[asy] draw((0,2)--(2,2)--(2,0)--(0,0)--cycle); draw((0,0.3)--(0.3,2)--(2,1.7)--(1.7,0)--cycle); label("$n$",(-0.1,0.15)); label("$m$",(-0.1,1.15));[/asy]

$\textbf{(A)}\ 11\qquad\textbf{(B)}\ 12\qquad\textbf{(C)}\ 13\qquad\textbf{(D)}\ 14\qquad\textbf{(E)}\ 15$

Solution

Problem 16

For a particular positive integer $n$, the number of ordered sextuples of positive integers $(a, b, c, d, e, f)$ that satisfy $a+b+c+d+e+f \leq n$ is exactly $3003$. Find $n$.

$\textbf{(A)}\ 11 \qquad\textbf{(B)}\ 12 \qquad\textbf{(C)}\ 13 \qquad\textbf{(D)}\ 14 \qquad\textbf{(E)}\ 15$

Solution

Problem 17

Let $S$ be a regular octagon. How many distinct quadrilaterals can be formed from the vertices of $S$ given that two quadrilaterals are not distinct if the latter can be obtained by a rotation of the former?

[asy] size(3cm); pair A[]; for (int i=0; i<9; ++i) { A[i] = rotate(22.5+45*i)*(1,0); } filldraw(A[0]--A[1]--A[2]--A[3]--A[4]--A[5]--A[6]--A[7]--cycle,gray,black); for (int i=0; i<8; ++i) { dot(A[i]); } [/asy]

$\textbf{(A)}\ 9 \qquad\textbf{(B)}\ 10 \qquad\textbf{(C)}\ 16 \qquad\textbf{(D)}\ 35 \qquad\textbf{(E)}\ 70$

Solution

Problem 18

Two logs of length 10 are laying on the ground touching each other. Their radii are 3 and 1, and the smaller log is fastened to the ground. The bigger log rolls over the smaller log without slipping, and stops as soon as it touches the ground again. What is the volume of the set of points swept out by the larger log as it rolls over the smaller one?

[asy]   draw(Circle((0,0),1)); draw(Circle((-2*sqrt(3),2),3)); [/asy]

$\textbf{(A) } 250\pi \qquad \textbf{(B) } 260\pi \qquad \textbf{(C) } 270\pi \qquad \textbf{(D) } 280\pi \qquad \textbf{(E) } 290\pi$

Solution

Problem 19

What is the largest power of $2$ that divides $3^{2016}-1$?

$\textbf{(A)}\ 16 \qquad\textbf{(B)}\ 32 \qquad\textbf{(C)}\ 64 \qquad\textbf{(D)}\ 128 \qquad\textbf{(E)}\ 256$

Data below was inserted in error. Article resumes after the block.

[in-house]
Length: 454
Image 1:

Solution

Problem 20

Define a permutation $a_1a_2a_3a_4a_5a_6$ of the set $1, 2, 3, 4, 5, 6$ to be $\text{ factor-hating }$ if $\text{ gcd }(a_k, a_{k+1}) = 1$ for all $1 \leq k \leq 5$. Find the number of $\text{ factor-hating }$ permutations.

$\textbf{(A) }36 \qquad \textbf{(B) }48 \qquad \textbf{(C) }56 \qquad \textbf{(D) }64 \qquad \textbf{(E) }72 \qquad$

Solution

Problem 21

There are $N$ distinct $4\times4$ arrays of integers that satisfy: 1. Each integer in the array is a $1, 2, 3$ or $4$. 2. Every row and column contains all the integers $1, 2, 3$ and $4$. 3. No row or column contains two of the same number. Find $N$.

$\textbf{(A)}\ 432 \qquad\textbf{(B)}\ 576 \qquad\textbf{(C)}\ 864 \qquad\textbf{(D)}\ 1,152 \qquad\textbf{(E)}\ 1,296$

Solution

Problem 22

Let $S = \{r_1, r_2, r_3, ..., r_{\mu}\}$ be the set of all possible remainders when $15^{n} - 7^{n}$ is divided by $256$, where $n$ is a positive integer and $\mu$ is the number of elements in $S$. The sum $r_1 + r_2 + r_3 + ... + r_{\mu}$ can be expressed as \[p^qr,\]where $p, q, r$ are positive integers and $p$ and $r$ are as small as possible. Find $p+q+r$.

$\textbf{(A)}\ 40\qquad\textbf{(B)}\ 41\qquad\textbf{(C)}\ 42\qquad\textbf{(D)}\ 43\qquad\textbf{(E)}\ 44$

Solution

Problem 23

Four real numbers $x_1, x_2, x_3, x_4$ are randomly and independently selected from the range $[0, 9]$. Let the sets $S_1$, $S_2$, $S_3$, $S_4$ contain all of the real numbers in the range $[x_1, x_1+1], [x_2, x_2+1], [x_3, x_3+1],$ and $[x_4, x_4+1]$, respectively. The probability that the four aforementioned sets are disjoint can be expressed as $\frac{m}{n}$, where $m$ and $n$ are relatively prime positive integers. Find $m+n$.

$\textbf{(A)}\ 95\qquad\textbf{(B)}\ 96\qquad\textbf{(C)}\ 97\qquad\textbf{(D)}\ 98\qquad\textbf{(E)}\ 99$

Solution

Problem 24

Four elementary schoolers, four middle schoolers, and four high schoolers sit around a round table with $12$ seats. There is a rule that no two people of the same school may sit adjacent to each other. Let $N$ be the number of distinct seating arrangements following the rule. Find $\frac{N}{(4!)^3}$.

$\textbf{(A)}\ 804\qquad\textbf{(B)}\ 876\qquad\textbf{(C)}\ 948\qquad\textbf{(D)}\ 984 \qquad\textbf{(E)}\ 1,020$

Solution


Problem 25

Let $S_{n, k} = \sum_{a=0}^{n} \dbinom{a}{k}\dbinom{n-a}{k}$. Find the remainder when $\sum_{n=0}^{200} \sum_{k=0}^{200} S_{n, k}$ is divided by $1000$.


$\textbf{(A)}\ 374 \qquad\textbf{(B)}\ 375 \qquad\textbf{(C)}\ 503 \qquad\textbf{(D)}\ 750 \qquad\textbf{(E)}\ 751$

Solution